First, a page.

Hiking the Appalachian With Only One Good Knee: The Tale of Timex

12:28 PM Life in Between 0 Comments

January 11, 2016

This was only my second night of sleeping in a tent...in my entire life. Somehow, I had managed to escape the wonder that is sleeping in the dirt for 25 years. Day one was filled with awkward positions--a fight with a tree root. In fact, we didn't begin the first "day" until 1 a.m. when we reached our starting point. We walked and walked until 4 a.m. with nothing but the light of our head lamps and the high of our excitement. By night two, I was so exhausted that sleeping on a bed of nails sounded inviting.

I couldn't move my legs. After 12 hours of endless hiking through the Appalachian Trail, my right knee had finally decided it was done with me--it had given up miles ago and was probably waiting for me at a coffee shop until I finished this insane adventure. I talked to my left knee like she was my only hope of getting out of this alive. "Please," I whispered. "Only seven more miles tomorrow and then I'll let you sit on the couch for a month."

It was the end of August, and the only sleeping bag I could get on such short notice was meant for subzero temperatures. My cousin had bought it for her trip to New Zealand and threatened to end my life should I return it with any damages. At that moment, I felt like my life was ending anyway. My body was in no position to hike 21 miles in a day and a half.

That night, all of the hikers in our group decided to camp outside of shelter because a snake decided it wanted the whole building to himself. Although the snake didn't say anything, we were pretty sure he did not invite us to the slumber party by the way he refused to relocate.

So, we had hiked an extra mile from the fire tower, only to end up sleeping outside of shelter. Everyone else gathered for dinner around the fireplace where they added water to their Mountain House Pro Pack meals. I shoveled peanut butter and apples into my mouth and drifted off to sleep before anyone could convince me to join them. Only an hour later, another hiker offered me her leftover beef stroganoff before she and our group leader hiked a mile back to the tower to watch the stars. I would have gone, but I couldn't move my body.

As the two bounded off like they hadn't just spent 12 hours hiking, the other hikers put out the fire and left me alone in the tent. The forest was dark and full of shadows. When I was finally comfortable enough to drift off, it was a challenge. When alone in a tent, especially for the first time, every noise you hear is threat. Every rustle of the leaves and crunch of the dirt creates a frightening image in your mind of getting torn limb from limb by an angry mountain bear. I immediately thought of ways I might reason with it. "Okay, bear," I thought. "I'm only here for the night, I swear. I'll gladly give you my Snickers bar if you will just give me a head start running." Maybe it would be a nice bear. The kind I could discuss my favorite Food Network shows with before he kindly shared my breakfast with me. Yes...somehow, this seemed like a good plan.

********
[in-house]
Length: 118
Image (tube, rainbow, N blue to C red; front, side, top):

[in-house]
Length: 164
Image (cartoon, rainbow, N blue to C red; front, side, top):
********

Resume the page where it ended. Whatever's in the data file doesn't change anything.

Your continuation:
The next day I was set to complete the last 7 miles of the hike. I woke up with the sun and surveyed the damage to my feet. My right big toe was missing skin, my left heel was crusted with blood and my right knee was still not working properly. After a handful of trail mix and some dark chocolate bars, I wrapped my feet like a war victim. I would be lying if I said I didn't look at my battle scars with pride. They were earned. But I wasn't sure how I was going to make it home.

The first mile I managed to maintain a steady pace. My trekking poles served as crutches and everything was uphill, so my knee wasn't in terrible pain. We passed beautiful things that could only be truly appreciated if you were there. Most notably, a tunnel of rhododendron that blocked the sun and cooled us as we breezed through. Our guide told us about the local plant life, and we occasionally stopped and rested long enough to grab water from our Camelbaks.

(If you ever have a chance to hike a portion of the AT, I highly recommend it. It's absolutely beautiful, and the views are stunning.)

"The rest of our hike is downhill," our guide warned. "I better go ahead of you guys so you know where to step." I must say, I am still thankful he took the lead. The path was steep and winding down fast. My feet struggled to find balance with my giant backpack full of too much food. I had completely overpacked and had enough food for a 4 day hike. Suddenly I stepped, and a sharp pain shot through my body. I winced and looked down at my swollen knee. I felt like I had aged 40 years on this hike, but I wasn't going to quit. I pressed on.
The trail we completed on the hike.

My guide explained to me that on the trail everyone receives a trail name. Which made a lot of sense, considering I had been hiking with men who only answered to "Briar Patch" or "Jabez". He looked at me. "You know," he said. "I am going to call you Timex. You can take a lickin' and keep on tickin'." So, I became Timex, the most broken and determined wannabe hiker on the AT.

As I rounded the final loop, I could see and smell civilization. I was hobbling on my good knee and pushed every step of the way until finally my feet had reached a paved road.

Timex had made it.

I'm not entirely sure what motivated me to hike 21 miles in one weekend. Actually, no. That's a lie. I do know. I needed an escape. I needed an accomplishment. There is a power in knowing you can overcome something difficult. There is a power in knowing you ultimately decide what you are capable of. For me, that was enough to keep going.

(Philippians 4:13 - I can do all things through Christ who strengthens me.)

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